Research is vital to any successful international SEO strategy. To maximize global growth and in-market opportunity, think beyond translation and let the data do the talking.
Failing to properly research your target markets and in-country language trends can have embarrassing – and potentially damaging – consequences. These marketing localization fails from some of the largest brands in the world are a good reminder of how local research can make or break your global marketing strategy.
Fewer people realize, however, that research is also important when it comes to international SEO. When expanding into new markets, it can be tempting to jump in with both feet and simply translate your online content just to get things off the ground. But without insight into local search trends, you risk wasting time, resources, and budget in expanding your international content.
Here are three steps you can take right now to improve your international SEO strategy.
1. IDENTIFY WHAT’S ALREADY WORKING
Start with your current reality. Other than your primary market, where else are you seeing organic search visibility and traffic? In which languages? What are the volume and trend statistics there?
Now dig a little deeper. Identify why you’re ranking for these countries and languages. Also look into which keywords and pages are drawing the traffic, and what the click-through and conversion rates are.
Leverage web analytics tools (like Google Analytics, Google Search Console, Searchmetrics, and SEMrush) to help you identify top markets and languages, and better understand international audience behavior and trends.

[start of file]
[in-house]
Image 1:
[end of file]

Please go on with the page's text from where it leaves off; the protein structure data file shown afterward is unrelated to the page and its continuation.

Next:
2. DO INTERNATIONAL KEYWORD RESEARCH
Identifying your top-performing international markets can help you decide which ones to target for growth. But first, you need to know each market’s potential.
This is where keyword research comes in. Begin by quantifying local market opportunity. Which relevant keywords and phrases are being used to search for your brand, products, or services in each market? What are the volume and competition metrics for those? And how are you currently ranking? You’ll want to answer each of these questions as part of your international SEO strategy.
UTILIZE THESE INTERNATIONAL SEO TOOLS
There are several online tools that can help you expand your pool of keywords. Make sure you’re working with search data from each market’s leading search engine – like Google, Bing, Yandex, Naver, or Baidu – to ensure data is both locally representative and accurate.
SimilarWeb reveals which websites have the highest traffic in particular countries and sectors, displays which terms your competition is using, and provides insight into how you might be able to boost your ranking. Use SEMrush for data analytics as well as data visualization in up to 25 languages.
DON’T TRANSLATE YOUR KEYWORDS
It’s crucial that keyword research is carried out directly in the target language for each locale. Simply translating your English keywords into French, for example, or using translation plugins on your site, will likely not yield the strongest, most relevant keywords. Instead, you should work with in-country experts who can identify authentic, organic keywords and phrases specific to each market based on local search trends. Those keywords can then be naturally integrated into your in-language online content.